I recently interviewed Will Geronimo, one of the co-founders of TableXChange, a Spring 2008 InSITE company. TableXChange.com served as the first and only online marketplace to buy and sell reservations to the hottest restaurants in New York City, San Francisco, and The Hamptons. As the economy worsened, however, even the best restaurants in these areas, which once boasted 30+ day waiting lists, began to have empty tables and the niche filled by ancillary services like TableXChange was no longer necessary. Here are some highlights from my interview with Will:
OH: Tell me about how and why TableXChange failed.
WG: The downward spiral was pretty quick. The bottom line was that the company didn’t make money. We thought that if we could get enough traction we could monetize our business model. But to be honest we never had a perfect understanding of what our business model was. One thing we did know was that if the marketplace for online reservations took off, we would be the first ones to make it big in that space. But our timing could not have been worse. The economy went into a downward spiral and our business, which was based on scarcity of tables, was no longer needed.
OH: Did anything besides the economy hurt your business?
WG: Although the primary reason was the scarcity of tables, it did not help that as the economy worsened we got increasingly negative feedback from the restaurant industry. It was never our intention to harm restaurants, but as our website kicked off, the restaurants began to approach us and say “the way that you are setting this website up is creating a lot of confusion with the hostesses, etc”. We ended up being portrayed as the bad guys, especially once the market for high-end restaurants slowed down. The negative press obviously did not help us.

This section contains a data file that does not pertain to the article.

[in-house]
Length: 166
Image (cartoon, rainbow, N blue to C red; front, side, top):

OH: Do you have any advice for graduate students who are hoping to start their own ventures soon?
WG: Absolutely. I have started a few businesses in addition to TableXChange; I have had a couple of failures and a couple of successes. The most important thing I have learned is that partnership is HUGE. You want to pick partners with ancillary skill sets and complimentary skill sets. One of the problems with TableXChange is that Gabe and I had the same skill set—we were both finance guys and management guys. Dwight was the programmer, and he was the only one with the technical skills to put many of our ideas into action. In other words, we had two management guys and one technical guy when it should have been the other way around. My advice to students is to make sure to not bring too many people on your team with the same set of skills; and if you do, make sure those are programming or technical skills, which can be ancillary, rather than management skills.
— Omar Haroun, AVP Teams 2009-2010